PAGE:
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Instructional Design 101

Before we plunge into instructional design, let’s step back. What does it mean to design? Here’s the definition, according to Merriam-Webster:


1. to create, fashion, execute, or construct according to plan: devise, contrive

2. a:  to conceive and plan out in the mind

b:  to have as a purpose: intend

c:  to devise for a specific function or end

Design is applied in many fields. Engineers design, construct, test, and refine solutions to problems. Fashion designers bring art to life in clothing, jewelry, and accessories. And then there’s user interface design, video and film design, marketing, and even publishing. In educational publishing, design often refers to graphic design—envisioning and creating the visual look and feel of a book or product. However, graphic design is just one small part of another field of design essential to creating educational materials—instructional design.

Instructional Design Models

Over the years, numerous instructional design models have been developed that serve as frameworks for modules or lessons, by:

  • increasing and/or enhancing the possibility of learning, and
  • encouraging the engagement of learners so that they learn faster and gain deeper levels of understanding.

Instructional design is the systemic process by which instructional materials are designed, developed, and delivered. Instructional design creates a learning environment that is focused on the learner, with an organized structure for content and activities designed to achieve specific learning objectives. This involves applying educational research and teaching practice to craft curriculum and instructional materials aligned to those objectives, thereby improving learning outcomes.

You often hear about instructional design in the context of technology—specifically, digital learning experiences. But the primary goal of instructional design is not the use of technology—it’s good instruction. Technology is just one tool that can be employed to achieve the larger goal: to improve learning outcomes.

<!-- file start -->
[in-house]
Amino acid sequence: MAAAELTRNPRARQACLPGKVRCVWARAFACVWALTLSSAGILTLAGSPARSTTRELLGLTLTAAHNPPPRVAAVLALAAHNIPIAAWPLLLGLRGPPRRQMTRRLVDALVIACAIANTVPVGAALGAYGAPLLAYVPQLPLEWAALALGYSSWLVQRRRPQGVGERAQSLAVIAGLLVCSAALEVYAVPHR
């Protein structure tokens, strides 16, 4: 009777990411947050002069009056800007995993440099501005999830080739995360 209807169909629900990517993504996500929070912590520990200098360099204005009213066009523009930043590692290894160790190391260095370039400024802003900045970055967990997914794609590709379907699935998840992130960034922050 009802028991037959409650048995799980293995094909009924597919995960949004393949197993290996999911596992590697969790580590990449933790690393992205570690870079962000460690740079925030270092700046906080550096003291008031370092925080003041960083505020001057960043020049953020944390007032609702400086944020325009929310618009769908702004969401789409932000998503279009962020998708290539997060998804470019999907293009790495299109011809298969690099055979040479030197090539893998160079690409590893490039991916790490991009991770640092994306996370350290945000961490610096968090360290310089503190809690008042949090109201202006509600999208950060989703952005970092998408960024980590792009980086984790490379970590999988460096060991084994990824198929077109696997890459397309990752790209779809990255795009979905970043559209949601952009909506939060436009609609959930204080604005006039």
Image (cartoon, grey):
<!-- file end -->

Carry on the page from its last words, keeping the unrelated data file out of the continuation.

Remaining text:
The ADDIE Model

One of the earliest instructional design models, ADDIE, includes these five phases:

  • Analysis
  • Design
  • Development
  • Implementation
  • Evaluation

The ADDIE model was derived from systems design, which was used in World War II to coordinate the Normandy landings. The ADDIE model is still used widely, in part because it works well for complex learning systems. Many of the current instructional design models were developed by making improvements to the ADDIE model.

The fundamental tenet of ADDIE is that all planned activities focus on guiding the student to construct knowledge and skills during episodes of guided learning. In guided learning, the student tries to achieve outcomes mutually agreed upon with the teacher. ADDIE is applied when it is evident that instruction is needed to address a performance gap—for example, one caused by a lack of knowledge and/or skills (Branch, 11).

What occurs during each phase in the model? The following are typical sub-steps of the ADDIE model, as outlined by Branch (3):

  The analysis phase determines the issues that are going to be addressed by the model. This includes:

  • clarifying the instructional problem or problems
  • establishing instructional goals and objectives
  • identifying the learning environment and the learners’ existing knowledge and skills

  The systematic design phase deals with identifying the following and the specific relationships among them:

  • data from subject matter analysis
  • learning objectives
  • assessment instruments
  • exercises
  • content
  • lesson planning and media/technology selection

  In the development phase, the content assets that were blueprinted in the design phase are created and assembled by instructional designers and developers:

  • creating storyboards or wireframes
  • writing content
  • designing graphics
  • developing and/or integrating any educational technologies, if used 

  The implementation phase determines what needs to be done to prepare facilitators and learners for the guided learning activities:

  • developing procedures for training facilitators and learners